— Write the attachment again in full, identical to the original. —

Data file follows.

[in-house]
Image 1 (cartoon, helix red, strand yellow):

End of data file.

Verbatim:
[in-house]
Image 1 (cartoon, helix red, strand yellow):